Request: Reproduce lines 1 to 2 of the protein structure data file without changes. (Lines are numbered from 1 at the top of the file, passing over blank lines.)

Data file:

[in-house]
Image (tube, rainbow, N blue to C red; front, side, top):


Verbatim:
[in-house]
Image (tube, rainbow, N blue to C red; front, side, top):